Removed the reticle eyepiece and inserted my beloved 12mm Nagler. What was in the tree free area to the east? Looked like M63 was. Ort to be able to see that bright one despite the sodium streetlight-orange sky. The mount made the noises I’ve since come to describe as sounding like “weasels with tuberculosis,” and eventually came to a stop. Yeah, Celeste was pointing in roughly the correct direction, but, naw, no way. Couldn’t be. The only question I had was “How far off is it?”

Eye to eyepiece, and I nearly dropped the iced tea glass of Rebel Yell that had, not surprisingly, accompanied me into the backyard. Well, I’ll be DAGNABBED (this is a family-friendly blog, y’all). There she was. Not just in the field, but dang near centered. Had to be luck.

Nope. So was M53. So was M87. So were M84 and M86. Maybe I was being too easy on the thing. Those spring DSOs were in the neighborhood of one of the alignment stars. What about the other side of the sky? Looking west, I spied Andromeda plunging into the horizon in a gap between an oak tree and my neighbor’s house. I punched-in “M110.” I had to squint a little to see it, but, yeah, there it was. To say I was elated, gobsmacked even, would be an understatement. Alas, my feelings of joy lasted all of 24-hours.

The Sunflower. taken with Celeste and the CG5
Next evening was clear, too, so naturally I got my wonderful CG5 out back again. Aligned just like I had the night before. Sent her on her first go-to, and… Disaster struck. The mount moved Celeste in the proper direction, but kept on going past the target. Slowly. Sounding not just like a weasel with tuberculosis, but one on its last legs. I killed the power. Started the alignment over, and this time that went to hell, too. The CG5 chugged slowly past the first star on its way to who-knew-where. “Well, that’s about what I expected, gull-dern fracking thing lasted all of one day!”

The problem seemed to be only in the declination axis, and Unk ain’t a-feared of a little tinkering, so, with the mount back inside, I found a screwdriver and opened the declination housing. Nothing was amiss enough to reveal itself to a visual inspection. Hmm. Cleaned the contacts on the dec cable and receptacles, closed everything up, and sat down to ruminate.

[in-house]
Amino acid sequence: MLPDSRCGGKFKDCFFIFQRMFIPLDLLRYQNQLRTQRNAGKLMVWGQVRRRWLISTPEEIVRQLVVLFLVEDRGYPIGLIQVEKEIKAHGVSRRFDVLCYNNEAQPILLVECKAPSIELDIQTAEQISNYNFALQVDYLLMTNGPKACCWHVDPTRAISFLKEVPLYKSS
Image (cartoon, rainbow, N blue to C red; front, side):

Thinking about what I had read about known problems with the CG5, two things seemed to be most common: poor power and a poor connection to the mount’s power receptacle. Power? I had done a lot of go-tos the previous night and hadn’t recharged the jump-starter, but the battery wasn’t completely dead, and my NS11 would run fine for two similar sessions on the same battery. Nevertheless, I put the jump-starter on charge.

I knew lots of folks had had trouble with the power connector on the mount. Luckily, I’d heard the fix was simple. The center pin of the mount-side jack is in two halves; all you had to do was spread ‘em apart a little to ensure a firmer connection. Which I accomplished with a jeweler’s screwdriver. What now? Have to wait till the next night, when the battery was fully charged again.

Next evening, you can bet old Unk hauled the mount out back with a purty good ration of trepidation. Started the alignment. At least that went OK—but it had the first time the previous night, too. First go-to… Bang on. Second go-to? Same-same. And so it went for the rest of the run. What caused the problem, the battery or the connection? In retrospect, probably both. Over the years I’ve learned that if you want good performance from the mount, you always start with a fully charged battery. The power connection is just as critical. Spreading the pin that one time was enough to do the trick, and I have never had to revisit it.

One other thing I did? I ordered a new 12-volt power cable. The one Celestron included then and now was made of overly thin wire and it was long. At least twenty feet. That is no good at all. The voltage drop that results can’t possibly help the mount. Why is it so long? I reckon Celestron thinks you will power the CG5 from the cigarette lighter receptacle in your vehicle. In truth, everybody I know of uses a battery at the scope. Campers, this is one power-hungry mount, and running it off the battery in your car is a recipe for being stranded at the dark site on a cold winter night. Scopestuff sold me a nice coiled cable of just the right length.

Did my little fixes make the CG5 perfect? No. It’s hardly that, but what is? It is not the Rock of Gibraltar, but neither is its more expensive “inspiration,” the Vixen Great Polaris. With the C8 or a lighter tube on it it is very good under most conditions. Heck, it is quite good for visual work with a C11. Doubt that? Try it. My buddy Joe’s ASGT C11 has been a lot of fun to use over the years. With a set of vibration suppression pads and an improved (larger) accessory tray to help stabilize the tripod a smidge, the 11-inch is quite pleasant to use on the CG5.